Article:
Glasgow-based designer Karie crowdfunded in 2016 to publish This Thing of Paper. On her website she describes the project: "As both a knitter and a bibliophile, I have been yearning to do a project that combines my two loves. So many of you have been asking for a physical book ... I want to produce a book that is as beautiful to hold and read as the patterns themselves will be to knit and wear.

This Thing of Paper is a book of ten knitting projects with accompanying essays. The project is inspired by the age of Johan Gutenberg and his invention of the printing press. Gutenberg's work meant that books change form being rare objects reserved for the elite to something that ordinary folk could access. I have always been fascinated by how one invention could change the course of history."

As one of the crowdfunders I'm very much looking forward to seeing Karie's end result. She recently blogged that the Gutenburg museum has requested a copy of This Thing of Paper for their archives, which sounds very promising!

And finally ...

I'll be taking a little break from blogging, partly because I have a holiday booked and also due to my laying down my knitting needles for a while and getting stuck into cross stitch instead. I'm currently completing this mini eggs cross stitch tapestry pattern from Jacqui P.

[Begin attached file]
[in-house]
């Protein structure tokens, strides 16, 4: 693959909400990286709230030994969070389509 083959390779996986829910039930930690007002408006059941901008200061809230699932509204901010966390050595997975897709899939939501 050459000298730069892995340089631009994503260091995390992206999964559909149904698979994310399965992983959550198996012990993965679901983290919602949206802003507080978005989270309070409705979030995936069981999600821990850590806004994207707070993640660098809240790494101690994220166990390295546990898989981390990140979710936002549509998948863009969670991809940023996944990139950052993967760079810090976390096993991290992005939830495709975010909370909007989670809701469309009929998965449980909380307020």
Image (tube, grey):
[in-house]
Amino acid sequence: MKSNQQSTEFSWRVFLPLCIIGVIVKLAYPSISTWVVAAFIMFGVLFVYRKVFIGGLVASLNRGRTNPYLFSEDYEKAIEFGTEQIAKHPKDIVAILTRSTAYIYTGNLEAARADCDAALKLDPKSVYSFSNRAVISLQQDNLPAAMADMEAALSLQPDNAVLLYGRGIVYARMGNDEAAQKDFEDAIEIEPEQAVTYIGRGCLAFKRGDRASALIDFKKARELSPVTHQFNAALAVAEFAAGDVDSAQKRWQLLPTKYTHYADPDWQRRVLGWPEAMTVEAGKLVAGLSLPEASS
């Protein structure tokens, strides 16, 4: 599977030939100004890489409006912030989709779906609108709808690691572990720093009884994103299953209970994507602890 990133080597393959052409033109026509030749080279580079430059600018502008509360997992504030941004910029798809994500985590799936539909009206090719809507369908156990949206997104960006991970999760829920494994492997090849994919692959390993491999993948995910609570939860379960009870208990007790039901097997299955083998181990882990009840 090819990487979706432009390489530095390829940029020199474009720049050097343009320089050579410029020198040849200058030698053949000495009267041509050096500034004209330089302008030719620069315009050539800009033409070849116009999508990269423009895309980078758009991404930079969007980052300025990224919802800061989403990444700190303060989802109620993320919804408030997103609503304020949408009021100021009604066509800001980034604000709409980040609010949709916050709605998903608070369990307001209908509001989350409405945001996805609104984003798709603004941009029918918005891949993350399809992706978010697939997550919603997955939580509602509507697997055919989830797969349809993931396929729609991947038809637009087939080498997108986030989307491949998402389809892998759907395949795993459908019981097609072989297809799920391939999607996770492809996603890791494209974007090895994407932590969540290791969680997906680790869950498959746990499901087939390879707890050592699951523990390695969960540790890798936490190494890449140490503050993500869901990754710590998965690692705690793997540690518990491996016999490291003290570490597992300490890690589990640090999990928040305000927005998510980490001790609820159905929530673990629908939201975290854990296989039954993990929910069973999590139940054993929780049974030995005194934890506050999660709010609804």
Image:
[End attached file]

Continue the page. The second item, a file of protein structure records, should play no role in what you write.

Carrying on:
Have a wonderfully knitty 2017. Mine is going to be the year of the stash buster - the piles of yarn around my house have become too high and it's time to hunker down and knit what I already have before I splash out on the new yarns 2017 will have to offer!

Sunday, 18 December 2016

My Own Hut 8 Cardigan For Christmas

Whilst I took part in Christmas Jumper Day 2016 (see my previous post for my own homemade-looking design) it's a different woolly that I've worn constantly this month and am sure to carry on doing so throughout the cold, if usually mild for the season, weather.

I finally finished my Hut 8 cardigan from Eden Cottage Yarns' Bletchley Collection and am very pleased with the result. My chosen yarn was three skeins of Blacker Yarns' limited edition Cornish Tin II in turquoise. The vibrancy of the colour doesn't really show in my photo but it's a deep hue verging on the green - a really rich colour for the season.

At just over £16 per skein the yarn wasn't cheap and finding three skeins wasn't easy either. The turquoise shade sold out super quickly. I managed to find one online and my godmother kindly found two for me at Yarndale. Due to the price I didn't buy a bit extra 'just in case' and I nearly came a cropper! I'm used to changing patterns a bit to fit me, being short in body.  It looked, however, like I wouldn't have enough yarn to complete the final sleeve but, having contemplated having to knit the sleeve and bottom ribs in a different colour to eke out the final bit of turquoise, it turned out I had just enough for the whole cardigan.

It's warm, sturdy, stylish and already it has become a workhorse in my wardrobe, looking great with jeans.

There are just a few Cornish Tin II DK skeins left at Blacker Yarns' website in purple, pink and two shades of grey if you want to knit your own Hut 8.

Wednesday, 30 November 2016

It's Wool Wednesday!